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SPEECH BY Mr KLAUS HÄNSCH AT THE PLENARY SESSION OF THE COMMITTEE OF THE REGIONS ON 20 JULY 1995

This background document has been prepared by the services of the Secretariat-General for the debate to be held at the Plenary Session of the Committee of the Regions with the President of the European Parliament, Mr HÄNSCH.

Its aim is to provide a picture of the current relations with the Parliament and identify areas where the two bodies may possibly move closer together.

CONTENTS:

1)Curriculum Vitae of Mr Klaus HÄNSCH

2)Text entitled “Relations between the European Parliament and the Committee of the Regions”

3)Opinion of the Committee of the Regions on the “Revision of the Treaty on European Union”, adopted on 21 April 1995

4)Resolution of the European Parliament on the “Functioning of the European Union with a view to the 1996 Intergovernmental Conference – Implementation and development of the Union”, adopted on 17 May 1995.

 

RELATIONS BETWEEN THE EUROPEAN PARLIAMENT AND THE COMMITTEE OF THE REGIONS

1)From the very outset the Committee of the Regions has endeavoured to foster ties with the European Parliament. Today this is one of the COR’s priorities, given the European Parliament’s key role in narrowing the democratic deficit. This document seeks to provide an overview of relations between the European Parliament and the Committee of the Regions, covering the whole period from the founding of the COR until the preparation of the Intergovernmental Conference to be held in 1996.

I.THE ROLE OF THE EUROPEAN PARLIAMENT IN THE CREATION OF THE COMMITTEE OF THE REGIONS

2)In the course of its history the European Parliament has demonstrated its desire to promote the participation of local and regional authorities in the European Union’s decision-making process. In a Resolution dating back to 22 April 1982[1] the European Parliament had already emphasized the need to “guarantee the greatest possible participation of local and regional authorities”. In a Resolution of 13 April 1984[2] the European Parliament stated that “the European Community needs an accredited body, which is in a position to speak on behalf of the local and regional authorities, to consult on a permanent basis in the field of Community regional policy”.

3)Shortly afterwards the European Parliament, the Council and the Commission, in a joint declaration of 13 February 1985[3], said that they “recognize the importance of a more effective relationship between the Commission of the European Communities and the regional or, where appropriate, local authorities. (…) This will enable the interests of the regions to be taken more fully into account when regional development programmes and intervention programmes are being drawn up.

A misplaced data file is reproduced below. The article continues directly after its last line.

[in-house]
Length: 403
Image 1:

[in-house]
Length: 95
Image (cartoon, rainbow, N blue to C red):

4)On 18 November 1988[4], in a Resolution on Community regional policy and the role of the regions, the European Parliament proposed the “decentralization of certain tasks (…) to regional authorities which represent the will of the people”, which “would make it possible to inform European citizens about, and involve them in, Community policies”. The European Parliament considered it essential that “any planned progress towards European Union should open up the possibility of institutionalizing the democratic representation of the regions and should assign to the regional and local authorities the necessary powers to enable them to participate actively in the achievement of European political, social and economic unity”. In its Resolution of 12 December 1990[5], the Parliament proposed the creation of a “Committee of Regions and Local Authorities, which shall have consultative status and shall consist of members of elected regional or local authorities”.

5)During negotiations on the Treaty on European Union (TEU), the Member States decided, with the support of the European Parliament, to set up a Committee of the Regions. In its Resolution of 14 October 1992[6], the European Parliament reaffirmed “the need to ratify the Treaty on European Union as it stands, so that it can enter into force as soon as possible” whilst expecting the members of the European Council to “confirm their commitment”. The first Resolution of the European Parliament (23 April 1993)[7] on the Committee of the Regions adopted after the signing of the Treaty on European Union stated that:

           “(…) the Committee of the Regions must be conceived as an authoritative contributor to the process of constituting the European Union (…); its present form must not be considered as definitive: the Committee itself must be consulted on the most appropriate arrangements for improving regional and local authority representation and participation in anticipation of the review of the Treaty in 1996 and the future Constitution of the European Union”.

6)The European Parliament asked for guarantees that members of the Committee of the Regions:

           “be elected representatives at sub-central government level and/or derive direct democratic legitimacy from a regional or local assembly”, and that the Committee “should be allocated adequate funding and staffing, and its establishment plan and budget should be fully self-sufficient.”